In Stratfor's 2018 Annual Forecast, we said that Turkey's economy would be shaky and that it is especially vulnerable to dollar fluctuations. State-backed bank Halkbank is currently under investigation for sanctions violations. Inflation is already high in Turkey, and if one of Turkey's largest banks is cut off from the international financial system, the country's economic situation may worsen.
A recent U.S. court case against a Turkish banker has driven yet another wedge between the United States and Turkey during what has become an exceptionally rocky period in the two countries' relationship. On Jan. 3, a federal jury in New York found Mehmet Hakan Atilla, the former deputy general manager of Turkish state-backed bank Halkbank, guilty of conspiring to defraud the United States, of violating U.S. sanctions law and of committing bank fraud. Atilla, along with eight co-defendants, was accused of helping to circumvent 2012 U.S. sanctions against Iran in a multibillion dollar scheme involving two Turkish banks. In October 2017, co-defendant Reza Zarrab signed a guilty plea deal. In response to the conviction, Turkey's foreign ministry called the trial unfair and said that the verdict was "unjust and unfortunate."
Right now, Turkey's government wants nothing more out of the U.S. judicial system than some traction in its attempts to extradite Islamist cleric Fethullah Gulen, whom Ankara accuses of instigating the country's July 2016 coup. Instead, the United States has delivered a sharp slap on the wrist in the form of an embarrassing trial that implicates a major Turkish bank in what acting U.S. Attorney Joon H. Kim on Jan. 3 called a "massive and brazen" sanctions evasion scheme. And beyond the tension this creates between Ankara and Washington, the case underlines just how determined the United States is to punish sanctions violators. In his statement, Kim declared: "Foreign banks and bankers have a choice. You can choose willfully to help Iran and other sanctioned nations evade U.S. law, or you can choose to be part of the international banking community transacting in U.S. dollars." This case exemplifies Washington's current efforts to implement a harsher, escalating policy against Iran.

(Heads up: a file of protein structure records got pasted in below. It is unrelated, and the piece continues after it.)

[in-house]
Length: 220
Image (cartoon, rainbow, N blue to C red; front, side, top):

As the case continues, Halkbank could face a fine, a penalty or — in Turkey's worst case scenario — a designation on Washington's Office of Foreign Assets Control (OFAC) sanctions list. Since Halkbank is the largest listed bank in Turkey, the third punishment could well damage Turkey's economy. (Turkey's financial sector is worth roughly $791 billion, while Halkbank is worth just shy of 10 percent of that: about $74 billion.) Turkish inflation is now at record levels, and additional limitations on the amount of dollars that can circulate within Turkey's economy will only worsen its economic situation. Over the past year, the ramifications of the sanctions evasion scheme have forced Halkbank to limit some of the transactions it can conduct. A potential full-blown OFAC designation would push the country even further away from dollar-denominated transactions.